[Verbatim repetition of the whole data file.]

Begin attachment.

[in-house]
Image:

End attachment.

[in-house]
Image: